The Neat Freak might seem outright OCD, or just might be disciplined and gifted enough in tidiness and organisation to have a naturally ordered environment. The non-Neat Freak might be a slob, or just someone who struggles to be organised where they live and work.
Regardless the degree to which the differences fall on the spectrum, it can cause a rub. If your significant other is a neat freak and you are not, here are some tips on how to cope, and keep the difference from causing division:
1. Appreciate their strengths, their positives.
Attempting to understand and appreciate the strengths of a neat freak is vital and helpful: They have order, find things easily, and clear unnecessary clutter out of the home. These are the kinds of positives that can be appreciated.
2. Accept the frustrations, even weaknesses from your perspective, of your spouse…basically, accept them for who they are.
Yes, your Neat Freak spouse has positives, but how they live that out can be super frustrating at times. If you stop trying to make them, or manipulate them, to be less “neat” you will find more peace. But this should go both ways. Both the Neat Freak and the not-so-neat spouse should both work on accepting the things that grate them the wrong way about the other regardless of a willingness or ability to adapt and change their behaviour. We have to start with a basic commitment to their dignity and our love for them. .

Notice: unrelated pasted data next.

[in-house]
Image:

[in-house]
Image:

3. Accept yourself for who you are, for being different than your spouse.
Stop beating yourself up for not being the Neat Freak. While being more patient and accepting of your Neat Freak spouse, you need to resist the temptation to label yourself as unacceptable or incompetent because you don’t have that Neat Freak tendency. Just because your spouse has that strength does not invalidate your own value and strengths.
4. Avoid sarcastic reactions to the Neat Freak.
Sarcasm can be damaging and discouraging. Avoid using hyperbole and verbal barbs at each other that position their tendency as an issue to pick on, fight over, or “put up with.” For example, when the Neat Freak expresses frustration that a room isn’t picked up and organised, or suggests the kitchen should already be cleaned up, it doesn’t help to say “wow, I never thought of that,” or “I’m sure all our problems would be solved if only this room was neat and tidy,” or “Yes, your majesty…I’ll get on that right away.” It can be totally fair to push back or respond, but sarcasm isn’t constructive…it’s more like gas on a fire.
5. Encourage each other towards improvement.
Over time, the differences in spouses can become less acute and painful when each spouse rubs off on the other. The less uptight spouse can help the Neat Freak spouse relax a bit. The Neat Freak spouse can help the other spouse become more tidy and organised. You might even ask the Neat Freak for help getting more organised.
6. Negotiate some personalised personal space that is Neat Freak free.
If necessary, work with your Neat Freak spouse to allow for some space in the home that is yours to manage, without judgment. You may find that your Neat Freak spouse can be helpful with tips or ideas of how to use the space, but they should also allow you to manage that space without expectations to do it “their way.
7. Negotiate a space that is kept extremely neat.
Select a place or room that would always be picked up and would be tidy and orderly at the very minimum this compromise will help.
Ultimately, grace and love must be more important than keeping perfect tidiness.